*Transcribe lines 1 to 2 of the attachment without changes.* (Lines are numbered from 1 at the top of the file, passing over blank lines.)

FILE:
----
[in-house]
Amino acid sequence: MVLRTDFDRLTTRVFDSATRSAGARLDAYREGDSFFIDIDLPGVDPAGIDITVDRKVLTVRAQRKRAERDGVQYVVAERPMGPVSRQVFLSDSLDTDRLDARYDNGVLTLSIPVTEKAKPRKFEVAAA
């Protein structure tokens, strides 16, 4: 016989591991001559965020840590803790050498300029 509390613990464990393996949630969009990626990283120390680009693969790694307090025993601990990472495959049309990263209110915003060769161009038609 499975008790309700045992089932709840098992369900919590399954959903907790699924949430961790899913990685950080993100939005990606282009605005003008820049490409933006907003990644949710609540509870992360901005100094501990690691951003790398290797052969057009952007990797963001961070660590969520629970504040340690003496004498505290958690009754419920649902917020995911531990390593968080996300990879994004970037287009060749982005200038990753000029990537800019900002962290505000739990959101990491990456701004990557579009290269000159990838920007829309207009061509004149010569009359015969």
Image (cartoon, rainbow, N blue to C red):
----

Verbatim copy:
[in-house]
Amino acid sequence: MVLRTDFDRLTTRVFDSATRSAGARLDAYREGDSFFIDIDLPGVDPAGIDITVDRKVLTVRAQRKRAERDGVQYVVAERPMGPVSRQVFLSDSLDTDRLDARYDNGVLTLSIPVTEKAKPRKFEVAAA